Technology has improved our lives in variety of ways, including our safety. Nearly every industry uses technology and data to evolve, changing the way we live. Modern tech companies are working hard to achieve the perfect futuristic technology, but it might not be worth it. In theory, something like facial recognition software is the ideal way to search for criminals and monitor crowds. China has used facial recognition at concerts and even tested high-tech sunglasses on police. Microchips can automatically track and detect complex changes in your body. But at what point are we completely sacrificing our privacy? It’s handy technology that enables watchful eyes to follow us wherever we go.
Bias Now, Bias Later
Cool futuristic spy movies use super-cool technology that’s usually too good to be true. But sometimes it’s real. Facial recognition is already being used to collect detect and collect data at sporting events, stores, by police, and even in schools. Facial recognition software detects and reads your face. Maybe it cross references your identity in a database or is looking for a suspect. It’s supposed to be an huge advancement in AI, but it’s far from perfect. Algorithms that feed artificial intelligence reflect human bias, meaning all the relevant -isms (sexism, racism, ableism, etc.) are stronger when digitized with data. We’re already facing widespread bigotry and hate crimes, what happens when the technology is flawed?
Despite the specially crafted algorithms, it’s prejudiced and invasive, driving the question what’s so great about it? Naturally, there are positive aspects of automated software when it’s reliable. But right now, the input is so flawed that it results in false identification there’s no solution. . MIT researchers proved just how flawed the tech is. Darker skinned people were more often mislabelled than white people. Dark-skinned women would be inaccurately mislabelled as men up to 34.7% of the time while lighter skinned men were mislabelled less than 1% of the time. And since minorities are more likely to be mislabelled and targeted, that flawed data will create false correlations based on race.
There will be no anonymity and police might overstep the blurred boundaries. Who’s to say the tech won’t be used “illegally” or “unethically” (which will be greatly debated)? And like other digital data, there are serious questions about security: Who can see my information? Can it be hacked? How is my personal information being used? Why do they need this kind of information? Congressmen only noticed when Amazon’s facial recognition program labelled them as criminal suspects by matching the wrong mugshots. What about the rest of us? Most of us have no power to make demands against corporations. The legal system is already plagued with corruption, biased facial recognition won’t help anyone, especially minorities. Facial recognition, like Hollywood, uses white faces as a foundation, leaving people of color more likely to be targeted.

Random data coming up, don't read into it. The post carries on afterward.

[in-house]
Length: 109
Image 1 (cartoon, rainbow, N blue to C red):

One company has created video interview software where facial recognition measures facial expressions during the hiring process. This is an incredible design, but we can’t blindly trust the data just because it came from a computer. Current technology can’t even handle different accents by users, so how can we trust facial recognition to make life and death decisions?
Nightmare or Reality?
The government and corporations are already tracking our digital activity (very creepily), so it’s not surprising they want to track our bodies. Many pet owners microchip their pets in case they get lost. Just track the chip on the computer and see it on a map. Now, there are chips that are implanted in people, but there are concerns. Microchipping people has similar ethical questions about privacy and legality. Can it really be better than not having a microchip in our bodies?
Critically acclaimed show “Black Mirror” has very nightmarish plots centered around technology. Characters are usually driven to drastic measures while trapped in a technological hell. But the real nightmare is that the technology isn’t so far off. While some of the capabilities are exaggerated, the consequences are fairly realistic.One episode features a single mom using a microchip on her daughter to monitor her fear levels, control what she’s able to see, and even watch real-time POV. This overprotective mom starts out with good intentions but ends on a crazed invasion of privacy that eventually destroys the family. It’s a relevant plot and frighteningly close to reality. Cuuld this be warning of our future?
Our privacy is no safer with a microchip or facial recognition. However, the technology is still incredible and should be pursued while we also carefully consider the problematic bias and issue of privacy. Biased data and invasion of privacy sounds like a disaster, which is why we need to analyze the potential risks. Who knows, we’re probably being watched right now.